This isn’t a vulnerable blog. It’s an encouragement. Okay, maybe it’s an exhortation. Still…
I just received the most lovely thank-you note in the mail. It made my heart so happy. I gave a gift, but they gave an even better one back to me. Thank-you notes do that.
After our wedding, 33 years ago (!), it took us three months to write all our thank-you notes. It seemed like they took F O R E V E R. My hand began to cramp.
How amazing that we had so many to write! How incredible to be so blessed. When we got married, we had nothing, and today, we are still using hand towels, table cloths, serving dishes, vases, plates, the waffle iron, the ironing board (yes, my mom gave us an ironing board), and other bounty we were given to help establish our home.
Writing thank-you notes has not been my strong suit, however. I’m trying to write them promptly so I don’t forget, but I confess, sometimes they are written pretty late. But hopefully, they’re written. Better late than never, right? I write them because I was taught to and because I want to be polite. And also because (thank you, Jesus!) I am growing in gratitude.
Ann Voskamp’s book One Thousand Gifts really struck a chord with many people. The posture of being thankful is a soul-opening one. To see your life with a grateful heart opens up the possibility of a deeper connection with our good God and, dare I say it, the possibility to receive even more goodness from his generous hand! Being thankful takes our gaze off of what is wrong with us, our circumstances, and our world and places it on what is right. Ultimately, it turns our gaze to the Giver of all good gifts, who tells us in 1 Thessalonians 5:18 to give thanks in all things!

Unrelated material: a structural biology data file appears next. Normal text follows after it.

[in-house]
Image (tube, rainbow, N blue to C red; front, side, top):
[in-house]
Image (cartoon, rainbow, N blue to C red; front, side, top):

“God loves a cheerful giver!” 2 Corinthians 9:10
He also loves a thankful receiver. Colossians 3:15
So what’s the deal with thank-you notes? They seem to have gone the way of rotary phones, and I’ve got to tell you, it’s not progress. It’s a regression that we really need to stop.
There is something beautiful about receiving a hand-written note in the mail with a real life stamp on it, isn’t there? But even a phone call or an email (the last choice) expressing your appreciation for a thoughtful (or even a strange) gift is important. You were thought of. You were planned on. You were given a gift. It cost them something. For heaven’s sake, say thank you. Manners matter. Their hearts matter.
Okay, I’m an exhorter and I’m hoping to exhort here. Get out your pens. Get out your note cards or pick some up at the grocery store. Take the time. Express your gratitude. You’ll be glad you did, and the person on the other side will be truly blessed.
Sing with a grateful heart.
Write with one too.